The people of Mariposa don’t struggle. They embrace the Yottapede, and when they become successful and assume they know the answers to the riddles (as in The City of Arcadian Adventures) they become childishly foolish and morally monstrous. That is why I believe both those books to be prophetic, and why he abandoned that stream, because the next prophetic work was going to be too painful to write, a black hole of nihilism fed by successive waves of war, speculative madness, economic depression, and political insanity. No wonder he drank.

That’s enough for today. Thanks for reading.

 

Toward a (the?) Canadian Enlightenment

I write this on the eve of the launch of formal preparations for a Stephen Leacock Sesquicentennial, a 277 day celebration to take place in 2019 from March 28th to December 30th, these dates being the 75th anniversary of his death and the 150th anniversary of his birth. If you want to plug into this event, the place to start is http://www.voyageurstorytelling.ca.

In my most recent post I came down on the side of a humanistic approach to economics, part of my belief in a humanistic approach to everything. I am not always sure that some of our ways of thinking about huge issues are as humanistic as they need to be. For example, spokespeople for the indigenous point of view often advocate on behalf of Mother Earth, and they are right so to do. But over the course of history certain decisions have been taken about our relationship with Mother Earth, decisions which cannot be reversed without wholesale destruction of humanity, either in the crude mortal sense, or in regression to a primitive state of poverty, hardship and brutality. While I do not believe that a high level of material prosperity, a high “standard of living”, should be the limit of our aspiration, I am not prepared to sneeze at it either.

Our relationship with Mother Earth is often brutal and exploitative and wasteful to a degree that our descendants, if we have any, will find difficult to believe. They will turn away from it with the same kind of revulsion that we feel towards slavery, child labour, gratuitous massacre, the gorier forms of capital and corporal punishment, rape, physical abuse, and other practices that we believe to be conspicuously evil. But our relationship with Mother Earth has another dimension too, which has allowed us to sustain ourselves and to prosper wonderfully despite our burgeoning population which, relatively speaking, is not a new phenomenon. We have been actively manipulating Mother Earth to increase her productivity for our benefit for quite a number of centuries, even millennia, and doing very well out of it. Irrigation works, the torching of countryside to encourage new growth, the breeding of plants and animals, the damming of streams, these are all blatant intrusions into the natural realms of Mother Earth, and they go back a long time. Our power to make such intrusions destructive has increased enormously in the past 200 years, but so too has our power to make them productive and beneficial.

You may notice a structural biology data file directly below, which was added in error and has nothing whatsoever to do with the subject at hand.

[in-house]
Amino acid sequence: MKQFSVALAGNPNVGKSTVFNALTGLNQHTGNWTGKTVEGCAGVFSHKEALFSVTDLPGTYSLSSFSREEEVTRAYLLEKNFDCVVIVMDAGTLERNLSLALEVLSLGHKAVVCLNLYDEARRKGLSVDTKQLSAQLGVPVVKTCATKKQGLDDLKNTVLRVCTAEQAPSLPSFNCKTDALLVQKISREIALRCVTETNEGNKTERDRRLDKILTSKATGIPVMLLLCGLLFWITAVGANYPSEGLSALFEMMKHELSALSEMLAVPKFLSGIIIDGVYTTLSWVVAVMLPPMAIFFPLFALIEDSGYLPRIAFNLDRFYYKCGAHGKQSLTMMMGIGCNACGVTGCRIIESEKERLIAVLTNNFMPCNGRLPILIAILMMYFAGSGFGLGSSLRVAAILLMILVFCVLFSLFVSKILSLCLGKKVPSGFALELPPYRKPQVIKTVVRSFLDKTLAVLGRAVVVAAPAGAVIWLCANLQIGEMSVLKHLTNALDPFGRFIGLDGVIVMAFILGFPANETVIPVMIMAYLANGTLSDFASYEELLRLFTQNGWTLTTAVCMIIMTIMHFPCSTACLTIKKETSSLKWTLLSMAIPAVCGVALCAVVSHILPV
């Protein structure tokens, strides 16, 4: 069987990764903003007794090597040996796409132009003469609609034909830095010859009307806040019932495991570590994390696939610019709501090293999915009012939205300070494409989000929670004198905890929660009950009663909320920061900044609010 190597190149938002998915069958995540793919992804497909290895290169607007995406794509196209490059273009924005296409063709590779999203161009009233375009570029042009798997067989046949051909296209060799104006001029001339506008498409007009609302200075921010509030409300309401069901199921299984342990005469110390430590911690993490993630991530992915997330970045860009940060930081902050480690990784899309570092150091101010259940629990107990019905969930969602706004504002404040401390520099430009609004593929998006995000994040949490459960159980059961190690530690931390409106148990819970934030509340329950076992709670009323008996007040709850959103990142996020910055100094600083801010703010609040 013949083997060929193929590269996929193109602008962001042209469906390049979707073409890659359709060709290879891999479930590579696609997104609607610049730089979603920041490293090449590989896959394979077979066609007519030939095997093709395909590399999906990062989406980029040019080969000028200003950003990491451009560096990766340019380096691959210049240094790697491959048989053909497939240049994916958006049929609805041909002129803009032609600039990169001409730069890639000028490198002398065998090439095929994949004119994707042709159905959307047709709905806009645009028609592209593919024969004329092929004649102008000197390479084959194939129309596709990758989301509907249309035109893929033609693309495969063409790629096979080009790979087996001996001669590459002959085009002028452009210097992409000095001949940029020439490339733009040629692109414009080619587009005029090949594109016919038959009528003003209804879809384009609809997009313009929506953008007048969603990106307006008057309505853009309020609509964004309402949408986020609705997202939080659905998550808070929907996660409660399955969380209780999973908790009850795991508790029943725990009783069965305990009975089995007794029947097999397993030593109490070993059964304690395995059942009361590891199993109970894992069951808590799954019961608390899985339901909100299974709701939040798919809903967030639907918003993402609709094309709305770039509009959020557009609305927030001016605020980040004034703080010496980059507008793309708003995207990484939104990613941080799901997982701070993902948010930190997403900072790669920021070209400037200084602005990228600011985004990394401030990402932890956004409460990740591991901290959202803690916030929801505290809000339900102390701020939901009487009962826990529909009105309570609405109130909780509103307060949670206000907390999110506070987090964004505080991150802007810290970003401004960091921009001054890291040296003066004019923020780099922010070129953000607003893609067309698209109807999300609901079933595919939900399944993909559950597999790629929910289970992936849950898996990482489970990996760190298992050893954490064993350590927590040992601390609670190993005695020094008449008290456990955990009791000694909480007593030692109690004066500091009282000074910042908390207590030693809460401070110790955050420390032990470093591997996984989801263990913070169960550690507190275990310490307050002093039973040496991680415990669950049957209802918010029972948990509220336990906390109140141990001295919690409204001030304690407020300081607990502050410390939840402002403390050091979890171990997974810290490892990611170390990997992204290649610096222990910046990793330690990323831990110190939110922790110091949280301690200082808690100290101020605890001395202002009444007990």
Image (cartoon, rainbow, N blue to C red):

It is this kind of worry, for which I claim no originality, that makes me so interested in the Stephen Leacock trope of the Unsolved Riddle. I think that our relationship with Mother Earth is an Unsolved Riddle and that any person or point of view claiming to have the answer and with the power to impose it is likely to do us great harm. The truth, as one Charles Simeon said years ago, does lie at one extreme or the other, nor half-way between, but at both extremes. The question of how to do that is an Unsolved Riddle.

But we can’t simply run around wringing our hands. We have to find ways to think, and act. Stephen Leacock said of his Great Detective that to think was to act and to act was to think—frequently he could do both together. That is what we need to learn to do.

When we have found a way, a new way, or an old way reinvented, then we call it, or the ideas behind it, an Enlightenment. I am interested in the question of whether something has percolated through the pages of our history that could be called a Canadian Enlightenment, and if so, who lit it. I think it quite possibly has, incomplete and imperfect as the application has been. Obviously it must have several strands and that the application is a species of weaving. I think that the European Enlightenment wove the strands of Knowledge and Imagination to an unprecedented degree. I think that Compassion was soon added, because Knowledge and Imagination by themselves can lead too easily lead into darkness. To make them work in a Canadian context, however, we need something else, because our context is inherently uncongenial and maybe even impossible. But here we are, and we have to do our best. Humour becomes the necessary fourth strand for us. I believe that that discovery belongs to Stephen Leacock.

Knowledge, Imagination, Compassion, and Humour: the four strands in the Canadian Enlightenment, woven and perpetually re-woven by investigation, conversation, experimentation, and negotiation, the next step forward forever an Unsolved Riddle. That, at any rate, is my hypothesis. Pursuit ho!

Ahoy! Have you seen the Canadian Enlightenment?